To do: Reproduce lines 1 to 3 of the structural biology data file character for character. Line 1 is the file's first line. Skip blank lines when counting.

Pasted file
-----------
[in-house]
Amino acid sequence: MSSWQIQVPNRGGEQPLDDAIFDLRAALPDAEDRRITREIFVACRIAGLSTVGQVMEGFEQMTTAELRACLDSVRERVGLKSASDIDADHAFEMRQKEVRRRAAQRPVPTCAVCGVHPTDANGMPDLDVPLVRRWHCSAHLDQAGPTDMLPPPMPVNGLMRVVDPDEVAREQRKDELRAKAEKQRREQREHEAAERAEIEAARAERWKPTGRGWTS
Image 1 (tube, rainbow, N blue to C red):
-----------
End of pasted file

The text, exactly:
[in-house]
Amino acid sequence: MSSWQIQVPNRGGEQPLDDAIFDLRAALPDAEDRRITREIFVACRIAGLSTVGQVMEGFEQMTTAELRACLDSVRERVGLKSASDIDADHAFEMRQKEVRRRAAQRPVPTCAVCGVHPTDANGMPDLDVPLVRRWHCSAHLDQAGPTDMLPPPMPVNGLMRVVDPDEVAREQRKDELRAKAEKQRREQREHEAAERAEIEAARAERWKPTGRGWTS
Image 1 (tube, rainbow, N blue to C red):